The U.S. economy lost 33,000 jobs in September, and unemployment was little changed at 4.2%, according to figures released this morning by the U.S. Bureau of Labor Statistics. The decline likely reflects the impact of Hurricanes Harvey and Irma.
In response to the September jobs numbers, AFL-CIO Chief Economist William Spriggs tweeted:
Over the year, from last September, wages up 2.9% That is too modest for the @federalreserve to consider sticking to raising interest rates— William E. Spriggs (@WSpriggs) October 6, 2017
#JobsReport may show effect of Hurricane Irma. Payroll employment fell by 33,000. Household survey shows employment up unemployment down.— William E. Spriggs (@WSpriggs) October 6, 2017
Broadest measure of unemployment U-6 falls from 8.6 to 8.3% in September (this includes part time workers who want full time work) @AFLCIO— William E. Spriggs (@WSpriggs) October 6, 2017
The sign of Hurricane Irma and remnants of Harvey is the 105,000 drop in food service and drinking establishments payroll @AFLCIO— William E. Spriggs (@WSpriggs) October 6, 2017
Last month's biggest job gains were in health care (23,000), transportation and warehousing (22,000), financial activities (10,000), and professional and business services (13,000). Employment in food services and drinking places dropped sharply in September (-105,000) and manufacturing (-1,000) also saw a decline. Employment in other major industries, including mining, construction, wholesale trade, retail trade, information and government, showed little change over the month.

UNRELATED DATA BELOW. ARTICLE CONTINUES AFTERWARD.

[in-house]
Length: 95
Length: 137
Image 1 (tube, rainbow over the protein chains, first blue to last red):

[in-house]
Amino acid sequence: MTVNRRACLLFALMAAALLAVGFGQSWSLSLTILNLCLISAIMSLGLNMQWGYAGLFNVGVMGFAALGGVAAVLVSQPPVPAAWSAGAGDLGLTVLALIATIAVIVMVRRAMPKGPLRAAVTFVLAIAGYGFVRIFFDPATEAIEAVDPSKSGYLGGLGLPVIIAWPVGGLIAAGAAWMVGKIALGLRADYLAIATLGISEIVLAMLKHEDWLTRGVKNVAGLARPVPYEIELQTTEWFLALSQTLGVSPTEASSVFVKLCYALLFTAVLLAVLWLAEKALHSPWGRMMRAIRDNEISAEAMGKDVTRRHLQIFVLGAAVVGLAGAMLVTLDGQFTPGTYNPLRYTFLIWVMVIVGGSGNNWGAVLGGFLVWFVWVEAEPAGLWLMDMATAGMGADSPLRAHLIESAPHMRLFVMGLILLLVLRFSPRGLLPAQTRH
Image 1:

Among the major worker groups, the unemployment rates for teenagers (12.9%), blacks (7.0%), Hispanics (5.1%), adult men (3.9%), adult women (3.9%), Asians (3.7%) and whites (3.7%) showed little or no change in September.
The number of long-term unemployed (those jobless for 27 weeks or more) was down slightly in September and accounted for 25.5% of the unemployed.